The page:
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Formal verification is the process of checking whether a design satisfies some requirements (properties). We are concerned with the formal verification of designs that may be specified hierarchically (as illustrated in the previous section); this is also consistent with how a human designer operates. In order to formally verify a design, it must first be converted into a simpler ``verifiable'' format. The design is specified as a set of interacting systems; each has a finite number of configurations, called states. States and transition between states constitute FSMs. The entire system is an FSM, which can be obtained by composing the FSMs associated with each component. Hence the first step in verification consists of obtaining a complete FSM description of the system. Given a present state (or current configuration), the next state (or successive configuration) of an FSM can be written as a function of its present state and inputs (transition function or transition relation).
We note that this entire framework is one of discrete functions. Discrete functions can be represented conveniently by BDDs (binary decision diagram; a data structure that represents boolean (2-valued) functions) and its extension MDDs (multi-valued decision diagram; a data structure that represents finite valued discrete functions). We use BDDs and MDDs to represent all quantities required in this discrete space (more specifically the transition functions, the inputs, the outputs and the states of the FSMs). For BDDs and MDDs to be efficient representations of discrete functions, a good ordering of input variables (actual inputs, outputs, state) of the functions must be computed. In general, BDDs operate on sets of points rather than individual points; this is called symbolic manipulation.
The two most popular methods for automatic formal verification are language containment and model checking. The current version of VIS emphasizes model checking, but it also offers to the user a limited form of language containment (language emptiness).
A finite state system can be represented by a labeled state transition graph, where labels of a state are the values of atomic propositions in that state (for example the values of the latches). Properties about the system are expressed as formulas in temporal logic of which the state transition system is to be a ``a model''. Model checking consists of traversing the graph of the transition system and of verifying that it satisfies the formula representing the property, i.e., the system is a model of the property.
Temporal logic expresses the ordering of events in time by means of operators that specify properties such as `` will eventually hold''. There are various versions of temporal logic. One is computational tree logic (CTL). Computation trees are derived from state transition graphs. The graph structure is unwound into an infinite tree rooted at the initial state. Fig. 3.1 shows an example of unwinding a graph into a tree. Paths in this tree represent all possible computations of the system being modeled. Formulae in CTL refer to the computation tree derived from the model. CTL is classified as a branching time logic because it has operators that describe the branching structure of this tree.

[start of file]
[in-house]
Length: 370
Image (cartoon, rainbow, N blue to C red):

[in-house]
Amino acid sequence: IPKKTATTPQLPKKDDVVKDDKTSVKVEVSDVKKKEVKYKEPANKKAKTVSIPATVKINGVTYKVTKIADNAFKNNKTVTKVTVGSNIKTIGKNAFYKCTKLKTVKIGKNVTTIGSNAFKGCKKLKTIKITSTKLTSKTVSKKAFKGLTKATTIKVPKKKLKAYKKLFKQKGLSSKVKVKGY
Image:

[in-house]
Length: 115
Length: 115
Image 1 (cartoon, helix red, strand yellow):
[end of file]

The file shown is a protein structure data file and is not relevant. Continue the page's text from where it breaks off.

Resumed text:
Formulae in CTL are built from atomic propositions (where each proposition corresponds to a variable in the model), standard boolean connectives of propositional logic (e.g., AND, OR, XOR, NOT), and temporal operators. Each temporal operator consists of two parts : a path quantifier ( or ) followed by a temporal modality (, , , ). All temporal operators are interpreted relative to an implicit ``current state''. There are in general many execution paths (sequences of state transitions) of the system starting at the current state. The path quantifier indicates whether the modality defines a property that should be true of all those possible paths (denoted by universal path quantifier ) or whether the property needs only hold on some path (denoted by existential path quantifier ). The temporal modalities describe the ordering of events in time along an execution path and have the following intuitive meaning:
The state of a system consists of the values stored in all latches.
Each formula of the logic is either true or false in a given state;
its truth is evaluated from the truth of its subformulas in a
recursive fashion, until one reaches atomic propositions that are either true
or false in a given state.
A formula is satisfied by a system if it is true for all the initial states
of the system.
If the property does not hold, the model checker will produce a counterexample,
that is an execution path that witnesses the failure.
An efficient algorithm for automatic model checking used also in VIS
has been described by Clarke et al. .
The following table shows examples of evaluations of formulas
on the computation tree of Fig. 3.1:
Temporal logic formulas can be difficult to interpret, so that a designer may fail to understand what property has been actually verified. Therefore it is important to be familiar with the most common constructs of CTL used in hardware verification.
We summarize the most common CTL templates with the corresponding English language meaning:
It is often necessary to introduce some notion of fairness. For example, if the system allocates a shared resource among several users, only those paths along which no user keeps the resource forever should be considered. CTL by itself cannot express assertions about correctness along fair paths.